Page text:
Revive Our Hearts Podcast

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A Body, a Building, a Family, and a Bride

Leslie Basham: Is it okay to love Jesus but not like the church? Here’s Nancy DeMoss Wolgemuth.

Nancy DeMoss Wolgemuth: The church has its flaws and its issues to be sure. Every church does, because it's made up of people like you and me. But it is still the Bride, the Body of Christ. We can't love the Head and reject the Body.

Leslie: This is Revive Our Hearts with Nancy DeMoss Wolgemuth, author of Adorned, for Friday, July 6, 2018.

It's common to develop a consumer mindset when it comes to church. Do you find yourself shopping around, looking for the church that provides the best mix of products and services? Let's listen as Nancy provides important perspective on the church.

Throughout this year Nancy has been teaching through the True Woman Manifesto, and she's picking that back up in another series called "The True Woman Manifesto—Declarations, Part 2."

Nancy: Well, some of you thought it would never happen, but we come today to the final section of the True Woman Manifesto. We've been walking through the Manifesto in many series throughout this year. And in this last section, we come to eight important topics. I wish we could spend more than a day on each one. We could spend weeks on each of these. It's been a discipline for me to figure out how to take just twenty-some minutes to address each of these important topics.

But on our website,, we've provided some links for additional resources, other programs, other series we've aired, books, things that will help you go deeper in each of these topics.

So we're just going to be skimming the surface on these topics. But we want to remind ourselves, these are aspects of being a true woman of God. As I’ve been preparing for this final section of the Manifesto, we come to some topics that I have said, "Wow, this is tough for me to teach because I'm not where I know I need to be on this particular topic." And that's true of several of these.

So I just want to encourage you, signing the True Woman Manifesto is not saying, "I have arrived." Because none of us have arrived really in these areas. What we're saying is, this is what we aspire to. This is what we want to be true of our lives. And by God's grace, this is what we will pursue, and this is what we will think to be.

So we come today to another one of the “we will” statements. These are things that we purpose to do in our lives. Let me read the statement, and then we'll talk about it. It says,

We will be faithfully engaged in our local church, submitting ourselves to our spiritual leaders, growing in the context of the community of faith, and using the gifts He has given us to serve others, to build up the Body of Christ, and to fulfill His redemptive purposes in the world.

Now this whole statement on the local church is really counter-cultural, as are many of the other statements in the True Woman Manifesto. The church, whether you realize it or not, has fallen on hard times in the Evangelical world. It's become fashionable today to critique the church.

There's been a spate of books in recent years, books like So You Don't Want to Go to Church Anymore. Another one called Quitting Church. Another one called Life After Church. We've become a generation of church consumers, church hoppers, church bashers, and sadly in many cases, church leavers.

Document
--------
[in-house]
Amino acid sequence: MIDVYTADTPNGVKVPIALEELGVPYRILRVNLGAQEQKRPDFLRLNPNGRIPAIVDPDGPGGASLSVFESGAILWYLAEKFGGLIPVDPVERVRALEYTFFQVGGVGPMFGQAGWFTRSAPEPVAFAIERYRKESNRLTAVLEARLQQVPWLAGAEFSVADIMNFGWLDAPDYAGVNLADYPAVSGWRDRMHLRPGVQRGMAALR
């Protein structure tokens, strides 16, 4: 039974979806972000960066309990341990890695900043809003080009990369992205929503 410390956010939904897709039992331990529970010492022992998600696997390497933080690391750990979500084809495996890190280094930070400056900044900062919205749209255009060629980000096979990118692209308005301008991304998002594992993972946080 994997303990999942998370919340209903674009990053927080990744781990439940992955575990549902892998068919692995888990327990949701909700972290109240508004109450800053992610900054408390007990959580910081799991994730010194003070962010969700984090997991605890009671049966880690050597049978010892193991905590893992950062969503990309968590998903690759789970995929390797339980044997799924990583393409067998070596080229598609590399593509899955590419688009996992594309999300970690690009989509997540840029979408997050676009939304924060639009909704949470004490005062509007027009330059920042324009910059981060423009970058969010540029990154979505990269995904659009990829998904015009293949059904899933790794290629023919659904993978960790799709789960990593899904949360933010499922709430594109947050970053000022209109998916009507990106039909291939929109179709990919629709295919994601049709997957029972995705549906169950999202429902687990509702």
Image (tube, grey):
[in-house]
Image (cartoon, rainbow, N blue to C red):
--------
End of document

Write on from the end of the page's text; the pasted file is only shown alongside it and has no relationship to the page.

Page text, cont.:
This reminds me of a story I heard about a man who was stranded on an island in the Pacific for many years. Finally, one day a boat came sailing into view and the man frantically waved, and he got the skipper's attention. So the boat landed on the beach and the skipper got out to greet the stranded man.

After a while, the rescuing sailor asked the castaway, “What are those three huts you've built over there?” 

The stranded man replied, “Well that first hut, that's my house.”

And the sailor said, “What's the next hut?”

The stranded man said, “That's my church.”

So the sailor said, “What about the third hut?”

And the castaway responded, “Oh, that's where I used to go to church.”1

Well, that's kind of the picture of the way people function today. Kevin DeYoung and Ted Kluck have written a terrific book I read recently called Why We Love the Church. In that book they give several reasons why Christians say that they are fed up with the church.

  • Some people say they think church is boring.
  • Others are tired of the outdated Christian sub-culture.
  • Many people say they hate the mega-church and some of the things that go with that.
  • Then there are those that feel like the church is abusive or say they've been hurt by the church.

I received an email yesterday from a friend who said, “Our church fired our senior pastor last week. They read a letter from the elders, which simply said they had a 'difference of vision.' Very sad and odd. The church is shocked an angry at how this was done.”

I could tell you many, many similar stories. Don't know who is right, who is wrong. But there are different sides, people feeling like they got hurt by the church. Another reason that these authors gave as to why people don't like the church anymore, they say the church seems inauthentic. People are just going through the motions.

You hear a lot of people today talk about loving Jesus, but not liking the church. And many who don't feel that it's a big deal to miss church. They feel as long as they spend time with Jesus, then they're really getting more out of that then being at church. There are those who say they want God, maybe they even want to be in community with other believers, but they have had it with organized church. And there are some today who are even challenging what really is a church.

You'll hear people say, it's really just any two or more believers who get together to talk about God. They can do it at Starbucks; they can do it out in their boat; they can do it on a golf course. But it's two or more believers who get together to talk about God, or worship Jesus, that's a church, some will say.